A Song in My Heart and How Music Heals Us
Music speaks to us when we can't speak. It heals us when we are torn. We share the same heart and one song. That song is in our heart.
The meaningful lyrics and music that surrounds us seems to disappear when we are busy with our lives. We might find a favorite song that we sing along to and this gives a common bond, a common connection. Music is a universal language and it means the same no matter where you go.
I am speaking from a personal and professional level of how music has affected me and was a big part of my life. Having parents and family as musicians and singers, I grew up around music with the radio on, the stereo playing a record, or us constantly singing/playing instruments in my house. We didn't limit it to the house though. We would go to the beach at night, make a bonfire ala campfire at the beach and sing. My brother brought his bongo drums, I played my ukelele and my sister brought her guitar. We sang as a family, at night. I can't tell you there's nothing more magical than that.
As a teenager I played acoustic guitar and sang quietly in my room. I learned to play piano much earlier but I felt I couldn't "write" unless it was on my guitar, then I graduated to a Gibson 355 electric. I constantly challenged myself. I tried to play Dobro, Mandolin and even Dulcimer. My life forever changed after that. I had children.
I have hundreds of songs I have written. Some were written before I married my first husband, then some with him and some by myself. We are talking over a 35 year span. Music was the only thing I had sometimes to get me through some very dark, lonely, painful times in my life. It influenced how I felt, how I wrote, and how I lived. The good and the bad.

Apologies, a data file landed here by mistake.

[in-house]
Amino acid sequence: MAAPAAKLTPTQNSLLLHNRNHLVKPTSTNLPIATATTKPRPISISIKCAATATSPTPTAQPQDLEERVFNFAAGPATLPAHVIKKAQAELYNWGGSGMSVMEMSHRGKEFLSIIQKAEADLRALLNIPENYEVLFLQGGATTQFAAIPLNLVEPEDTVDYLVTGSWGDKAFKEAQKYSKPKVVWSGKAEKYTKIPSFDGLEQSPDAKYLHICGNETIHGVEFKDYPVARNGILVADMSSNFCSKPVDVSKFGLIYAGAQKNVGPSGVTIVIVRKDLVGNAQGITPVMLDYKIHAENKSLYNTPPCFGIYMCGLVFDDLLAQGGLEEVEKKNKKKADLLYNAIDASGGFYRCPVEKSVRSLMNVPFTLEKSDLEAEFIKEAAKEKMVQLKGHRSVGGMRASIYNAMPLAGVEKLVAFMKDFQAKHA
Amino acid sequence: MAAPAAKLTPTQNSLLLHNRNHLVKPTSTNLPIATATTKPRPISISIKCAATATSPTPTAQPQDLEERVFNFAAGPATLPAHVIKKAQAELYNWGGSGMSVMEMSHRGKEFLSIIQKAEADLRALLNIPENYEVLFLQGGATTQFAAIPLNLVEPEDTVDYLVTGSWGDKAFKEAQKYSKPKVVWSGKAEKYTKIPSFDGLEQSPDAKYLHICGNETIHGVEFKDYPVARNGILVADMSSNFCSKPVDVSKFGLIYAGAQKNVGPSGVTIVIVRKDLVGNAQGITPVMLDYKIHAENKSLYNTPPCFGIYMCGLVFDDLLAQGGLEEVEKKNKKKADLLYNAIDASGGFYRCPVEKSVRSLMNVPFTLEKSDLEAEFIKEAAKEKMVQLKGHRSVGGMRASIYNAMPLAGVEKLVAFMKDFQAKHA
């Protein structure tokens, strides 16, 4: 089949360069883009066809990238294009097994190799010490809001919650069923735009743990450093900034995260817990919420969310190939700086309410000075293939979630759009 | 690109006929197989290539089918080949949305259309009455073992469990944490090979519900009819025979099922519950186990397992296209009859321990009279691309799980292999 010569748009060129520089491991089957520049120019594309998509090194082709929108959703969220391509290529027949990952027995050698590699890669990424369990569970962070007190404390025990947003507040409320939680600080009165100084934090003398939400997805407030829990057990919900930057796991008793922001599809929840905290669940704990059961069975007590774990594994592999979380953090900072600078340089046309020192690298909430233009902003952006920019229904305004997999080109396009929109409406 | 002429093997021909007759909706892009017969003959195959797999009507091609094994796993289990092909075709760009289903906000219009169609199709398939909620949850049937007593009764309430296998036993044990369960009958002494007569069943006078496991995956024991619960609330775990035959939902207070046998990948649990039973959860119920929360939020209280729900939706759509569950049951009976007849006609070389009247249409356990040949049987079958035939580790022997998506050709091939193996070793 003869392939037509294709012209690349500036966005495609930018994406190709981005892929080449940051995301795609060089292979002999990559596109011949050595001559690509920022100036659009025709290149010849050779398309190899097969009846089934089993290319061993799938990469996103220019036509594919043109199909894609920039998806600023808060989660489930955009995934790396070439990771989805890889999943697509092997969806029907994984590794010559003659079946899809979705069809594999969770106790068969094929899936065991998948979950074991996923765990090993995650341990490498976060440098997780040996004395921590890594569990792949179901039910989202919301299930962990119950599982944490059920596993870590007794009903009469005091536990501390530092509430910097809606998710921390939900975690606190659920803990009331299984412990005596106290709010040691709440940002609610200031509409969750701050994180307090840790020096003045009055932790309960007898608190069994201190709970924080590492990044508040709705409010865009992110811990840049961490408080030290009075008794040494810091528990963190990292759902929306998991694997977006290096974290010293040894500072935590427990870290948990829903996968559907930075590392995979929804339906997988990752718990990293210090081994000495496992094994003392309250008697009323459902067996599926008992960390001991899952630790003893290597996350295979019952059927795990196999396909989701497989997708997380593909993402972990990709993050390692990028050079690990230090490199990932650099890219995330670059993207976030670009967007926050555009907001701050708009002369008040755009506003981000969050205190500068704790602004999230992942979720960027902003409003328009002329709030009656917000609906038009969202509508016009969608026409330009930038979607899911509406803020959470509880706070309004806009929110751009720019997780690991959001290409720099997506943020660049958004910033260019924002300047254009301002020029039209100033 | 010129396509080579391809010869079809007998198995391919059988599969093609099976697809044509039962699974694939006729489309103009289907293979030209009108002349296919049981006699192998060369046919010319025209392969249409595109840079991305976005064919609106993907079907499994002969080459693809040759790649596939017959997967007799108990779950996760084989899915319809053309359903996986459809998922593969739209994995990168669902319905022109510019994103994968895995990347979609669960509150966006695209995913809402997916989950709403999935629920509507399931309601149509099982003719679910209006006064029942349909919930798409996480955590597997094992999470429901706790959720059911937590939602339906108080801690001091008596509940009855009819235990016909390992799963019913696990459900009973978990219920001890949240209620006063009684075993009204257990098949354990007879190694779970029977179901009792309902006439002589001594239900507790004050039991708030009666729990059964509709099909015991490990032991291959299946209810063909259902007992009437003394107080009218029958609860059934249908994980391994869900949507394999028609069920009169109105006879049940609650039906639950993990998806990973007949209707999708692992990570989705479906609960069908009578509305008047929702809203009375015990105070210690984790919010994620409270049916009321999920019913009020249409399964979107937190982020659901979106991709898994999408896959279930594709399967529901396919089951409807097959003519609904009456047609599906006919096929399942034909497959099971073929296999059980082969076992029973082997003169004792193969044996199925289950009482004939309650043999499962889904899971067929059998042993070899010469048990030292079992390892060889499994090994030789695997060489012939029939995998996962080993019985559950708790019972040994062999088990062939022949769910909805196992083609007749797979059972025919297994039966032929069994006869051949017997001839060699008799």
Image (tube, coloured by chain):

I am sharing this information because it was and still is an integral part of my life. I do not actively write songs anymore, partly because when I had Lymphoma the first time, it was in my neck, trachea and in my chest. I received 35 direct radiation treatments to my neck and it left scar tissue on my vocal cords. There was a marked difference in my singing after that. They called it "necrosis." It changed me forever and I figured if I can't sing, how can I write? Also, I have been busy raising children the past 30 plus years so anyone who is a parent should know what I'm talking about right?
I gave up on myself so many times throughout my life. Afraid of what might not happen or how I might fail. I think it is in our nature to always find an escape route. A fire escape ladder to crawl down when nobody is watching so we don't disappoint ourselves or others. There is hope. Every one of us should tear down the walls around our hearts and reach your hand out.
What I have learned and I continue to learn is this: It's not what you can't do in your life, it's what you CAN do. You can't throw everything away, give up, and run off just because you got splashed with some water from a truck driving by too fast. The reason I am still here after 3 times battling Lymphoma is because I don't give up. I believe in touching at least one person's life every day with positivity and kindness. Just a kind word.
You should live your life by example, an example to others because if you do this? I promise you that the rewards will be overflowing. I love to bring a smile to someone's face. You might even find me in an HEB aisle late one night line dancing "Soul Train" (Love, Peace and Soul) and singing the O'Jay's "Love Train." I manage to always get others to sing and dance with me. It's a guarantee. Love is ALWAYS the answer. Get on board the Love Train. It is the song in your heart that will carry you and it's that same song that will heal you.